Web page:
The sunny weather has brought a hankering for juicy fish, and when I think of summer food I always think of crab claws in their shells. I first had these, just like this, at Out of the Blue, in Dingle, and enjoyed about twenty minutes of pure bliss as I sucked on the sweet and salty meaty shells. (hmm) Crab claws are great with a pint of Guinness and a day with nothing to do else to do, but they are hard to share, too yummy you see.
Atlantic Crab Claws in garlic butter
I was determined to get real claws, not frozen ones, they are worlds apart, no matter what anyone says. My fishmonger (yes I know) called me to tell me he could organise this for me, like some illegal dealing. I called down, kids in tow to collect my haul. The only claws in sight were the ones still attached to their owners, huge crabs climbing on top of each other in a tank. They were pulled out and de-clawed there and then. One of the claws even started walking off on its own, the boys loved it and screamed like, well little boys. For activists out there and believers in the rights of fish, I was assured they would be killed soon after....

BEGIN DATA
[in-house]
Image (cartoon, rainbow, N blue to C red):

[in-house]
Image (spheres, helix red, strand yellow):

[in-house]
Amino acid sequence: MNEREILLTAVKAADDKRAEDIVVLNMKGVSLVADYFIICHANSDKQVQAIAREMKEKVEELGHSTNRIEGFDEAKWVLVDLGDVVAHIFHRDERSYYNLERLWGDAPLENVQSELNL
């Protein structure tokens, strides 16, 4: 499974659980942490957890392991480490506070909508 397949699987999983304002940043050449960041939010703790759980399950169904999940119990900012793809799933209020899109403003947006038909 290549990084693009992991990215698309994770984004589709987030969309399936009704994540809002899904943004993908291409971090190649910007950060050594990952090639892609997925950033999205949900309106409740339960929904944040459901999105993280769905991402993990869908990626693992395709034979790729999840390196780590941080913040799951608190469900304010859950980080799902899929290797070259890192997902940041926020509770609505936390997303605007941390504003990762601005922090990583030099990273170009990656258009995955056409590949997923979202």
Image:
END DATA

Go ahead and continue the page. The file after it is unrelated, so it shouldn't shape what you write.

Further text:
For 2 hungry people
2kg claws in their shell, the shells weigh a lot
Garlic – as much as you like
Lemon juice – a good squeeze
Fresh Parsley chopped – a handful
- Put on a very large pot of water to boil, add a good pinch of salt. Put the crab claws in when the water starts to boil and then wait for it to come back to a boil. Boil the claws for 5 mins and turn off the heat, you can leave them sit in the water if you are eating them later. Drain.
- Outside, with a tea towel and a hammer, carefully crack each shell just enough that it will come apart. Don’t wallop them too hard or your walls will be pebble-dashed with shell-fish.
- Melt the butter in a large pan and add the chopped garlic and cook for a few minutes, squeeze in the lemon juice and toss in the parsley.
- Now put the cracked claws into the pan with the garlic butter and spoon over the butter, reheat them gently and serve with lots of crusty bread and some cold plonk